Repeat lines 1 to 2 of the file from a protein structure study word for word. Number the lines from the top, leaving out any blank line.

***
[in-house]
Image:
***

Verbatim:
[in-house]
Image: